Thursday, April 03, 2008

Poor return on ILP policy

Hi Mr. Tan,
Great to chance upon your website!

I have an issue with my ILP investment. My annual premium is $1200, and I have been paying it for 2 years and eight months, current cash value at only $600.

I'm aware it's too late to cancel the account. Even though my monthly premium is not high, I still don't like the idea of paying for mortality charges.

Do you think it's more worthwhile to cancel now, suffer some loss and start investing in better products for a longer term gain? Does this make sense?

As you have paid two years of premium, most of the upfront charges have already been incurred. I suggest that you keep the current investment account.

You can ask the insurance company for the mortality charges for the next five years and compare them with the benchmark rates shown on the attached.

If the mortality charges are too high, you can cancel the life insurance cover and buy a term insurance policy. You can still keep the investments.

If the mortality charges are reasonable, you can continue the policy for the next 5 to 10 years. You can cancel it when you reach age 60 or 65.


Anonymous said...

Don't cancel it. Your 2+ years of premium is already in the agent's pocket. You can say you have already paid your due or debt to the agent and the company and you are free now.
What is troubling you is you have high protection coverage and a relatively substantial amount of money is taken out to pay the mortality charge.You can improve your saving by reducing your protection to the minimum if you don't want protection. Forget about the loss .Ask your agent to reduce the coverage.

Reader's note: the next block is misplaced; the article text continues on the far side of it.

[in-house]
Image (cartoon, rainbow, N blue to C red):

Mr., this is not a bad product if you know what it is. The problem lies with the agent or the salesman
who sold you. He didn't disclose to you fully and probably you didn't tell him your needs.And this was a perfect match for mis-selling, misrepresentation and unethical practice to happen.
Remember the cooperation of both parties is crucial to the best outcome.


Anonymous said...

If you die die must invest regularly in NTUC funds. Let me recommend the cheapest way to do so. First set up an investment account with $5k and arrange for a monthly, quarterly or yearly recurrent top up by giro. This way you save the advisory fee. You need to pay the front end charge only, ie.3.5% for every dollar.
Alternatively, buy the ID7 through the business centre. Don't buy ID2, you will be slaughtered with a 45% charge for advisory work. But what work or advice is given? Don't be fooled.

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